Compact Flash Cards

Compact Flash memory, the storage media of digital cameras, MP3 players and PDA's is getting cheaper and available with greater storage capacities, currently up to 512MB. Generally, the trend has been to buy the cheapest suitable capacity available or just accept the brand offered as part of a bundle when buying gear. With this in mind, I was curious to see what, if any differences there were between brands and if paying more for Compact Flash brought any benefits. To satisfy my curiosity, I collected cards from three of the most common brands here in the UK. Crucial, a subsidiary of Micron, a world renowned brand of quality memory, Sandisk, another world famous manufacturer and OEM supplier, and finally Integral, a cost effective brand from Just Rams PLC. who supply memory to many leading brands including Micron.

Each card was subjected to three tests.

1. The card was installed in a Ricoh i500 camera and the time taken to record an uncompressed Tiff photograph was measured. The picture file was 6,331,784 bytes in size. The recording time was measured using a digital stop watch to record the "active" duration of the cameras recording led. The camera was tripod mounted so the same picture was taken every time. To minimise errors the test was repeated ten times and the average time calculated. Before starting each test, the cards were formatted in the camera to ensure consistent results.

2/3.Using a USB 2.0 card reader, the cards were written to and read from using the same uncompressed Tiff file and the time to complete the action was recorded. Again each test was conducted ten times and the average time noted.

The equivalent transfer rate in Kbytes/second was calculated from the times as was a "speed" rating for each card. Manufacturers speed rate their cards against floppy disc speed, similar to CD-ROM ratings. Hence a rating of 1x being 150 KB/s, 2x being 300KB/s etc.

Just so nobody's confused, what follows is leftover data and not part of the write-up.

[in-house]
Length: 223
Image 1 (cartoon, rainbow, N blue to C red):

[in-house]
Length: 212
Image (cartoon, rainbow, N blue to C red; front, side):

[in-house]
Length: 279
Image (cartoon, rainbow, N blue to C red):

Many manufacturers state that you can use their cards without formatting them first. Well this is true BUT my experience has shown that formatting the cards first can make an enormous difference to performance. The camera picture taking test proves this. When taking pictures using an unformatted card or a card formatted under Windows 2000, the resultant time to write to the card increased three fold for all the cards. I strongly recommend formatting the card in its intended device before use. Incidentally, the USB 2.0 tests did not seem to care how the card was formatted!

By default, Windows XP will format any CompactFlash card of 64MB or more with the FAT32 format. Digital cameras and other devices usually use the FAT (FAT16) format and can not operate with a FAT32 formatted card.

The results are presented below with the best performances highlighted in red.

Looking at the results it is obvious that there are differences between the cards, but what do they mean in real world terms?

Analysing the picture taking test results, there is over two seconds difference between the fastest card, Crucial, and the slowest, Integral. This will affect how soon after taking a picture the next one can be taken and may make the difference between capturing the moment and missing it forever! Here it does pay to have the fastest card in your camera. It is worth noting that these results are with the Ricoh i500 and different model of camera may well produce different results due to the various cameras electronics. I would suggest, that when shopping for a flash card, that you try and test them in your camera before deciding. This may sound impossible to do but any decent "real" camera shop should let you try before you buy.

The USB read test returned a similar result with the fastest card being Crucial followed by Sandisk and lastly Integral. Surprisingly The Crucial is nearly 1.5 times faster than the Sandisk which itself is 1.5 times faster than the Integral. Almost a 3x difference between the fastest and slowest. Quite a significant performance lead.

The USB write test provides the biggest surprise with the Sandisk outperforming the Crucial by 1.4x and the Integral by 1.78x. This is quite an appreciable difference, especially when using the larger capacity cards and transferring lots of data.